Your three-year-old refuses to eat broccoli because he doesn’t want to eat the little tree where the little squirrels live.
Your six-year-old won’t eat anything green because, this week, she hates the color green.
Your thirteen-year-old hates breakfast because his stomach isn’t hungry at 6 AM.
Your seventeen-year-old won’t eat more than 1,000 calories a day because she has a swimsuit that she has to fit into.
So when do we start talking to our kids about nutrition? The answer is now.
It doesn’t matter when ‘now’ is; it starts today. As an expert on eating disorders, I can tell you that parents are a child’s biggest influence regarding everything, especially eating habits. There are two extremely important ideas that every parent should follow through on: 1) talk openly from day one, and 2) set the example.
My two-year-old is a picky eater. She doesn’t understand much about nutrition or the importance of partaking of all the food groups. But I do tell her on a regular basis that food is what makes her grow. As she gets older, I’ll steadily explain to her, age appropriately of course, that food is fuel for the body; it’s what keeps us going.
In fact, our brains cannot function properly without a full breakfast. That’s why teachers always say to eat a big breakfast before a major test. I also want her to be able to come to me as she gets older. When she starts having fat and muscle redistributed throughout her body or she gains weight after starting puberty, I pray that she knows she can talk to me.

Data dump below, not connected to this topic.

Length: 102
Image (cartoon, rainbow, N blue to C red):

I try daily to set a good dietary example. If she sees Mommy and Daddy eating all of their food, ideally she will grow up seeing that as normal. I hope that she knows what normal eating is, that some people don’t know what it is, and what to do if she meets someone who has disordered eating.
This is going to happen over years, with several conversations. I can’t shove all of this info into her head at once. But it is extremely important – and it starts today.
Amber Goodman is a SAHM, rockin’ wife, and an eating disorder advocate. She volunteers to give free classes on eating disorders of all ages, finds treatment resources, and blogs about her adventure with ED. edrecoverymission.blogspot.com